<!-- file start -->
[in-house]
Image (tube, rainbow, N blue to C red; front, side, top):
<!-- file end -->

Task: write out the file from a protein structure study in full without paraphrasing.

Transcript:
[in-house]
Image (tube, rainbow, N blue to C red; front, side, top):